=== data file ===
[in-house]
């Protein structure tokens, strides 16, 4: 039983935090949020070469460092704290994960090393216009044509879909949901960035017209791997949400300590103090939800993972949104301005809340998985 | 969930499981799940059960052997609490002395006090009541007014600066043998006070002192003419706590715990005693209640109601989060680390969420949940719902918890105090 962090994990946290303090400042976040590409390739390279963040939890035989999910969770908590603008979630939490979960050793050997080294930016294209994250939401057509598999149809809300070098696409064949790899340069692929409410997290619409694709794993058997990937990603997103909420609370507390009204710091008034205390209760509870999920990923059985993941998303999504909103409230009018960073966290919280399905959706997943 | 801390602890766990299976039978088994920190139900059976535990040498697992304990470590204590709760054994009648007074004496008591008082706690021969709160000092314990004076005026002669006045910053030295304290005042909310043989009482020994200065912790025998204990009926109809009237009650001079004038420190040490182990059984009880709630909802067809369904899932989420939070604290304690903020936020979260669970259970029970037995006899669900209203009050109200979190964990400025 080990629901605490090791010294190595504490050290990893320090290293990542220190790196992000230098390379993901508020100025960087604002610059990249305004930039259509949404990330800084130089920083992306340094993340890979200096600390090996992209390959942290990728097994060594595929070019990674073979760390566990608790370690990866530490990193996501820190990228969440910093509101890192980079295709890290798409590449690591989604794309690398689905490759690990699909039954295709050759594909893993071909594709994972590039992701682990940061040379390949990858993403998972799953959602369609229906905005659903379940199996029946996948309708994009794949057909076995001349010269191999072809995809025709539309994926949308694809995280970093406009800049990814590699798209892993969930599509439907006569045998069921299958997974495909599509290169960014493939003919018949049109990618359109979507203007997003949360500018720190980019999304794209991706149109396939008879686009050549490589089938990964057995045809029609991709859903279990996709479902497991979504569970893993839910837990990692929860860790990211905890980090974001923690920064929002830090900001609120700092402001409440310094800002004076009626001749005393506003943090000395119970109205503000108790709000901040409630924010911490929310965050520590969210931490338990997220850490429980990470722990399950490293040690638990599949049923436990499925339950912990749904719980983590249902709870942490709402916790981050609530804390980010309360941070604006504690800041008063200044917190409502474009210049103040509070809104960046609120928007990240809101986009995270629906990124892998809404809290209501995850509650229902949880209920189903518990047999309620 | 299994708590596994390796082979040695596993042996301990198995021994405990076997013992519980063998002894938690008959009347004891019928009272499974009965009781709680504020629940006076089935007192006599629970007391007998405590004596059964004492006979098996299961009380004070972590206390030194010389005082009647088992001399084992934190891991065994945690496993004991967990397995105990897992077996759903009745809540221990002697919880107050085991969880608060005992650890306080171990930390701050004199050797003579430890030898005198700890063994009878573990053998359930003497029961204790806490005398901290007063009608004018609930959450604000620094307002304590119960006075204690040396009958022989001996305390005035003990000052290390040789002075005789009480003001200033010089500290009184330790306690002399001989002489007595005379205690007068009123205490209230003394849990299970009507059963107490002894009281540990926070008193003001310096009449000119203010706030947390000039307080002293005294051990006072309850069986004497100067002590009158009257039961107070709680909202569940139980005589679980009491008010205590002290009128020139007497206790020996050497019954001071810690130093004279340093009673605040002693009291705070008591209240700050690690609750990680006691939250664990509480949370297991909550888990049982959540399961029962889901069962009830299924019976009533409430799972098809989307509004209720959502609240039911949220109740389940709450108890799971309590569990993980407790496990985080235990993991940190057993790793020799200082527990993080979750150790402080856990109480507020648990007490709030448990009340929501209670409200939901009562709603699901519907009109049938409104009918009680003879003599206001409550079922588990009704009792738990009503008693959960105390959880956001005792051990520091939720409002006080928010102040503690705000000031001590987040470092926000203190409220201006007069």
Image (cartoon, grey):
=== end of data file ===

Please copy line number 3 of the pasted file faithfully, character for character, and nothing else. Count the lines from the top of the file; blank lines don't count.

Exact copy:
Image (cartoon, grey):